I learned some very interesting things today. unfortunately, only one of them was about the Gaelic language. The others are about how not to make audio software for a language textbook. The audio files that came with the book can be really useful, they’re really helping with the whole pronunciation thing. But only because I’m unbelievably persistent. The narrator is exhausting. He sounds bored. Like, really really bored. Not a great way to keep a student’s attention. But he’s not the worst part. The worst part is Dialogue Two, in which a woman tries to buy a bus ticket from a bus driver I suspect may be an avox who immigrated from Panem. Seriously, who picks an actor with no observable skills in projection or annunciation to teach people foreign languages? Not the brightest plan.
There’s also the small matter of whoever gets paid for writing these dialogues. I’ve always had difficulty with the little conversations printed in language texts. I’m pretty good at languages, I tend to pick up the rules quick-like. But those silly dialogues confound me. And I think I finally realize why. It’s the conversation itself. No one talks like that. I don’t care what language you’re speaking, you address someone in the same style and tone that they address you. If a stranger greets you formally, you don’t get all pal-sy with them. It’s simply not done. Unless you’re the girl in CSG dialogue one, I guess. Now, I know why they’re doing it, they want to teach you about the politeness distinction, introduce the pattern, let you hear the difference. But it makes the conversation so stilted. It just doesn’t flow right. I really think these dialogues should be written the way actual people would talk in an actual conversation.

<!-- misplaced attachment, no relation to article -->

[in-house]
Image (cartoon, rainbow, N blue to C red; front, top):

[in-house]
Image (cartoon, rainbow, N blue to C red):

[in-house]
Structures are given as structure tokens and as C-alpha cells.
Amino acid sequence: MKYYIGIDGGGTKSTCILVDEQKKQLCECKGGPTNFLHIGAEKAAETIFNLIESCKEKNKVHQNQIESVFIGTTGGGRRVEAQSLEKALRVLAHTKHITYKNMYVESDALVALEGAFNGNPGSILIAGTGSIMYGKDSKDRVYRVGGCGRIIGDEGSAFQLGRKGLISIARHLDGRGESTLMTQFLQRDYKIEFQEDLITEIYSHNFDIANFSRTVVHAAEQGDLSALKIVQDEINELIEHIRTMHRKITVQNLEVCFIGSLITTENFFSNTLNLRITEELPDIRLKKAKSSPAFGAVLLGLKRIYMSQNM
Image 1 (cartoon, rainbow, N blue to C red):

But enough ranting, random trivia time! When the British want to say they really like something, they often call it “smashing”. Which is kinda weird, why would you smash something you like? There’s something funny going on there. The strangeness, it turns out, is because “smashing” has nothing to do with the word “smash.” It (probably) traces it’s origins back to English landowners with Scottish servants. In SG “‘S math sin” means ‘that’s good’ or ‘that’s very nice’. It’s pronounced suh-mah-sheen. Which is pretty darn close to ‘smashing’. It’s possible that the Englishmen, using ‘funny’ Gaelic words to impress their friends, and started saying awesome things were ‘smashing’, and the phrase stuck.
Now, to wrap up this rather ridiculously long post, I present you with… more gratuitous me! Here’s a video of my pretty horrendous attempts to read through the first two dialogues from CSG. Yay!